Price charts shows trading activity within a time span.
This chart is used when current symbol uses price fixing and only close price is available
This chart is used when continuous trading is enabled, but open price is not available (or equals to close price)
This chart is used when continuous trading is enabled with open/close/high/low data
A line chart is the simplest type of chart. One price (close) is plotted for each time period. A single line connects each of these price points. The main strength of this chart type is simplicity.
Bar charts are one of the most popular types of charts used in technical analysis. For each trading day a vertical line is plotted. The top of the vertical line indicates the highest price a security traded at during the day, and the bottom represents the lowest price. The closing price is displayed by the mark on the right side of the bar and opening prices are shown on the left side of the bar.
Developed by the Japanese in the 1600's, candlestick charts are merely bar charts that extenuate the relationship between open, high, low and closing prices. Each candlestick represents one period of data (day-week) and consists of an upper shadow, lower shadow and the body. The upper shadow is the highest price that the stock traded at for the period while the lower shadow represents the lowest price. The candlestick body is black when the close is less than the open or white when the close is greater than the open. The top of the body is the opening price if the candle is black and the candle is referred to as a long black candle. If the candle is white, the top of the body is the closing price and the candle is referred to as a long white candle.
Steven Nison's articles that explain Candlestick charting appeared in the December, 1989 and April, 1990 issues of Futures Magazine. The definitive book on the subject is Japanese Candlestick Charting Techniques also by Steve Nison.
There are many different candlestick formations. Some are considered to be minor formations while others are major. Candlestick charts dramatically illustrate supply/demand concepts defined by classical technical analysis theories.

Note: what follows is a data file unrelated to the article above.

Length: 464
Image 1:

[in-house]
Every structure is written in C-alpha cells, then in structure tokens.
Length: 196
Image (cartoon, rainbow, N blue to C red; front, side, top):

Gravestone Doji: A doji (open and close are the same) and the high is significantly higher than the open, high and closing prices. This formation typically occurs at the bottom of a trend and signals a bullish reversal.
Dragon-fly Doji: A doji (open and close are the same) and the low is
significantly lower than the open, high and closing prices. This formation typically
occurs at the top of a trend and signals a bearish reversal.
Abandoned Baby Doji: A doji, which occurs at the bottom of a chart formation with gaps on both sides of the doji.
Harami Cross: This formation signals a market top. It consists of a
harami, which is a long black line candlestick which precedes and engulfs a
doji with no body.
Engulfing Pattern: A two-candle bullish formation consisting of a small
long black line engulfed by the second candle, a long white line.
Evening Star: A bearish pattern usually occurring at a top. The formation
consists of three candles. The first is a long white line followed by a star
and then a long black line. The star can be either black or white.
Dark Cloud Cover: A two candle formation whereby the first candle is a long white line and the second candle is a long black line whose body is below the center of the first candle. This is a bearish formation.